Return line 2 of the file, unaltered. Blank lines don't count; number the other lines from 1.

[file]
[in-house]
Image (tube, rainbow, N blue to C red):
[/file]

Image (tube, rainbow, N blue to C red):